• vithal rajan posted an update 7 years, 11 months ago

    • On the surface a very appealing proposition enabling the talents of the disenfranchised. After all who is better placed and has better local knowledge than the person in situ. However can we assume that all those in situ are talented or would necessarily want to get into debt. Who would advise/protect those who are vulnerable to an ‘easy’/immediate solution? What happens if they can’t pay? There have been problems of suicide and that is before we forget that money lenders haven’t historically had the best rep. Who will regulate? Also is microcredit sufficient to overcome local structural barriers to enterprise. You make a fine point about the willingness of large financial institutions to lend on a large scale. Why can’t they give (relatively) tiny grants with a ‘no win no fee’ option. If successful then subsequent grants and a contract can be built. If not then no more grants…? Just thinking out loud 🙂 Just out of interest where is your figure of 98% from? Also I believe LETS work better locally and, as well, given today’s economies of scale I suspect that macro economical changes would benefit more people with less risk if carried out sustainably.

      • This 10-year old clip is from an hour long interview. I put it in because Galtung-Institut wanted people who register to put in a photo or video and this is what I could find. Anyway I am glad because you are interested. I agree with almost everything you say, but our perspectives and maybe experience is different. The MFI experience was gained by NGOs in Andhra Pradesh long before anyone else in the 1980s. The problem was that despite government directives, even nationalized commercial banks refused to lend to the poor, and in those days never to groups. I have never believed that impersonal MFIs would do good. We built sangams or self-managed associations of the poor and these large groups lent to their poor members. I have pleaded that a large national bank like the State Bank of India could operate local MFIs but there is inertia in the system and that is how MFIs got in and most made a hash of it. Default from the poor was very low, less than 2% because they saw the credit line as a lifesaver. The 2% percent default happened because of death, drought, sudden illness, and the sangam either rewrote the loan or wrote it off completely depending on the nature of crisis. That is the group protected its members and itself. Some of these lessons were learned by govt and this led to the 73rd and 74th amendments to the Constitution. But some exemplary people-based organizations have gone from strength to strength like SEWA. Do also look up KUDUMBASHREE of Kerala which though govt initiated is local people managed. Also if you like look up my article “Killing the MFI Golden Goose,” Economic & Politiocal Weekly, Vol XLV No. 49, December 4, 2010.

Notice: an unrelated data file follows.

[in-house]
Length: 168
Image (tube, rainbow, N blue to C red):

Share this:     


© 2021 Galtung-Institut  •  Privacy Policy / Datenschutzerklärung  •  Imprint / Impressum